Neglecting Hegel on the a priori yet again, Jason Stanley gave an exciting talk about contextual sensitivity and shared content yesterday.
The (alleged) problem of shared content for those who believe in rampant contextual sensitivity is that is that to the extent that the proposition expressed varies with context, it is harder to explain why people find it so easy to communicate (i.e. grasp what propositions others are expressing) .
Richard Heck has suggested that grasping the exact proposition expressed is not important - you just have to grasp one that is similar enough.
Jason proposed instead that one should respond by saying that it is not so hard as you might think to grasp the exact same proposition that one's interlocutor expresses. Adpoting a Russellian view of propositions enabled him to argue (if I got him right) that my grasping the exact proposition you express requires only a kind of de re understanding. It only requires that I know, de re of the things you were talking about and properties you ascribed, that you said that those things have those properties. Since the Russellian proposition expresed is just a construct out of those things and properties, not a Fregean sense, mode of presentation doesn't matter: it doesn't matter what descriptions of these objects and properties I have available, nor whether I can distinguish them from close relatives, as long as I end up with the appropriate piece of de re knowledge about them.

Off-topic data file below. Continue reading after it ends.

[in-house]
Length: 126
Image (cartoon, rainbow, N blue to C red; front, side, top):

One question this raised in my mind is whether this move really addresses the spirit (as opposed to the letter) of the shared content problem. If we go Russellian about propositions, then arguably grasping the proposition expressed is not all that's important for communication. Modes of presentation ought to matter too.
Addendum: Thanks to Jason for correcting my spelling of 'Russellian'. I should have mentioned that the term 'problem of shared content' is due to Herman Cappelen.